–          Host recorded lessons, assignments, handouts, etc.

–          Showcase student work, as well as allow discussion via the internet.

–          Provide a forum for parents to view student work.

–          Allow interaction with other students around the world.

Current cell phones are really just an amalgamation of various pre-existing resources, and I feel there are far more positive ways to utilize those tools, than to try and adapt to yet another changing piece of technology. Some will argue not every student has access to a computer at home but if that were the case, chances are they would also not have access to a “smart phone” as well.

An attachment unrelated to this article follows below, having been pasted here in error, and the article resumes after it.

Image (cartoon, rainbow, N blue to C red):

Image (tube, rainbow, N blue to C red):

The issue of cell phone usage in school is going to be addressed by different schools, teachers, and others involved in very unique ways. Some may find the value in using them as an additional tool for learning, and others may want to ensure they are kept out of the classroom. No matter what, these devices have become a fixture in most people’s lives and will no doubt cause a continuing debate as to their role in school for years to come. Current cell phones may have a vast number of perks compared to what came before, but I feel those who want to incorporate cell phones into their classroom are losing sight of its primary function. It was invented as a tool for communication, and no matter how many “bells and whistles” are added to it, there are plenty of other resources that do not share nearly as many possible problems all rolled into one. Call me old fashioned, but when I want to show my class a video, ask them a question, or create a project, the last thing I want them to reach for is their phone. Technology is a wonderful thing, but not when a person becomes a slave to it.